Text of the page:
Depleted Uranium [DU]
Depleted uranium [DU] results from the enriching of natural uranium for use in nuclear reactors. Natural uranium is a slightly radioactive metal that is present in most rocks and soils as well as in many rivers and sea water. Natural uranium consists primarily of a mixture of two isotopes (forms) of uranium, Uranium-235 (U235) and Uranium-238 (U238), in the proportion of about 0.7 and 99.3 percent, respectively. Nuclear reactors require U235 to produce energy, therefore, the natural uranium has to be enriched to obtain the isotope U235 by removing a large part of the U238. Uranium-238 becomes DU, which is 0.7 times as radioactive as natural uranium. Since DU has a half-life of 4.5 billion years, there is very little decay of those DU materials.
Staballoy are metal alloys made from high-density depleted uranium mixed with other metals for use in kinetic energy penetrators for armor-piercing munitions. Several different metals, such as titanium or molybdenum, can be used for the purpose. The various staballoy metals have low radioactivity that is not considered to be a significant health hazard.
The Agency for Toxic Substances and Disease Registry (ATSDR) for the Department of Health and Human Services estimates there are an average of 4 tons of uranium in the top foot of soil in every square mile of land. A heavy metal similar to tungsten and lead, uranium occurs in soils in typical concentrations of a few parts per million (equivalent to about half a teaspoon of uranium in a typical 8-cubic yard dump truck-load of dirt).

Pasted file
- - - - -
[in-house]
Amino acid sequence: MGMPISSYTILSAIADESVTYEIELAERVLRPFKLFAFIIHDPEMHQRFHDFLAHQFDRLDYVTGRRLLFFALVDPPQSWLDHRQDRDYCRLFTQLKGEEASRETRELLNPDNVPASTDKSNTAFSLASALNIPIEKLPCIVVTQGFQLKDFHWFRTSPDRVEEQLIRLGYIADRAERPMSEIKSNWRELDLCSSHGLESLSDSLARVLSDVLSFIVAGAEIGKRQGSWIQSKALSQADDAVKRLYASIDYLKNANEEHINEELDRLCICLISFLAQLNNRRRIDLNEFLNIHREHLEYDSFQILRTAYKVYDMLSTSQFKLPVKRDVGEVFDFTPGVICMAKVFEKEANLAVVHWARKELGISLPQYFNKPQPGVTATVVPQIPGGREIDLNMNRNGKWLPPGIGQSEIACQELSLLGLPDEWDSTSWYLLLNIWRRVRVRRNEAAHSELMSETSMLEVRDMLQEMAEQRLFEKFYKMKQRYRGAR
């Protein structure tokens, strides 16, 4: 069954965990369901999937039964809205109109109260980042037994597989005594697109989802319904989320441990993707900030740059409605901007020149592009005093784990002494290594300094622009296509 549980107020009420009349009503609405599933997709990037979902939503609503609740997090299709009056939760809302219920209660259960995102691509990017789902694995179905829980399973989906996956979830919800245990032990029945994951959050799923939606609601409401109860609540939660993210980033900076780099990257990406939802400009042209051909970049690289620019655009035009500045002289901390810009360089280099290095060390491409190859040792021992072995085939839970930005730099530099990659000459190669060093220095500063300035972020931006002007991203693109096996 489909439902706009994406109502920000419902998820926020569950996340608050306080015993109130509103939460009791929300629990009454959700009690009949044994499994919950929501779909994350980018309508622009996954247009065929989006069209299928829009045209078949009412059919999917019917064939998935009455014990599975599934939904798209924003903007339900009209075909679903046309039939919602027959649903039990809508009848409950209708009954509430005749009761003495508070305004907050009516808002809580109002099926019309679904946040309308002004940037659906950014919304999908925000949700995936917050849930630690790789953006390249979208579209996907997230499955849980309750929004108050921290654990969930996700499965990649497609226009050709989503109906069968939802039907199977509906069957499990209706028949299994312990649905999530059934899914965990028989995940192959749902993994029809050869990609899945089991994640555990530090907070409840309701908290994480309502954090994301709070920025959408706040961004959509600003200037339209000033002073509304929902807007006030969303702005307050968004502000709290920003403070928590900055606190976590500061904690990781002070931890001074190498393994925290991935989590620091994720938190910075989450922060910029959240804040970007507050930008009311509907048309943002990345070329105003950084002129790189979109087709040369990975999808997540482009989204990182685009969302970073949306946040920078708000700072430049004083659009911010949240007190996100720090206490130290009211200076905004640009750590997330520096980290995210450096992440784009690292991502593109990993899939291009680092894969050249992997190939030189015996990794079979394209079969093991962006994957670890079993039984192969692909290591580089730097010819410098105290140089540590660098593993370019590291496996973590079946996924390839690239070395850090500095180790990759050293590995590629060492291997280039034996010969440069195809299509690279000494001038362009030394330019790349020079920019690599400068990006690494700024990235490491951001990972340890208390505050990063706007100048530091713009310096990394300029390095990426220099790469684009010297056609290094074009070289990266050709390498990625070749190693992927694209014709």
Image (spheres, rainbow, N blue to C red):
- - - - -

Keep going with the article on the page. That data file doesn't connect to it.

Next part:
The Department of Energy (DOE) has reported that the DU it provided to DoD for manufacturing armor plates and munitions may contain trace levels (a few parts per billion ) of contaminants including neptunium, plutonium, americium, technitium-99 and uranium-236. From a radiological perspective, these contaminants in DU add less than one percent to the radioactivity of DU itself.
In military applications, when alloyed, Depleted Uranium is ideal for use in armor penetrators. These solid metal projectiles have the speed, mass and physical properties to perform exceptionally well against armored targets. DU provides a substantial performance advantage, well above other competing materials. This allows DU penetrators to defeat an armored target at a significantly greater distance. Also, DU's density and physical properties make it ideal for use as armor plate. DU has been used in weapon systems for many years in both applications.
DU can be used to engage the enemy at greater distances than tungsten penetrators or high explosive anti-tank (HEAT) rounds because of improved ballistic properties. When they strike a target, tungsten penetrators blunt while DU has a self-sharpening property. DU ammunition routinely provides a 25 percent increase in effective range over traditional kinetic energy rounds.